Its amazing that people think the UK being treated the same as Canada or the US is somehow them being singled out for nasty treatment. That's what the Brexiteers wanted!
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Old 1st February 2021, 03:42 AM   #15
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The Commission illegally tried to interfere in business contracts.

What we've paid for, we own.
First come first served.

Whilst they dithered we wrote cheques and approved the vaccines.

I'm not a fan of Boris but our vaccine policy is the right policy.

We should of course help our neighbours if we find ourselves with surpluses.

Last edited by Airfix; 1st February 2021 at 03:43 AM.
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Old 1st February 2021, 03:45 AM   #16
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EU also have business contracts with the same suppliers.
The supplier can't rob one to supply the other, both contracts should be honoured.
Maybe the suppliers shouldn't have been so greedy.
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Old 1st February 2021, 03:47 AM   #17
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Originally Posted by Archie Gemmill Goal View Post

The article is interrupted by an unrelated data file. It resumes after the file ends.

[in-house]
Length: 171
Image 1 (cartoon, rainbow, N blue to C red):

Its amazing that people think the UK being treated the same as Canada or the US is somehow them being singled out for nasty treatment. That's what the Brexiteers wanted!
Yeah. Stupid and disproportionate moves by the EU but not seeing it being an anti-UK move, simply that we have a strange deal with the EU given the Irish circumstances.

Originally Posted by Airfix View Post
The Commission illegally tried to interfere in business contracts.

What we've paid for, we own.
First come first served.

Whilst they dithered we wrote cheques and approved the vaccines.

I'm not a fan of Boris but our vaccine policy is the right policy.

We should of course help our neighbours if we find ourselves with surpluses.
Unfortunately we don’t know whether the current deal the UK has with various manufacturers are good or not, that information is not being made public.

Certainly we seem to be doing well securing doses, hopefully that will help us get people vaccinated as soon as possible.
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Old 1st February 2021, 03:49 AM   #18
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Originally Posted by Captain_Swoop View Post
EU also have business contracts with the same suppliers.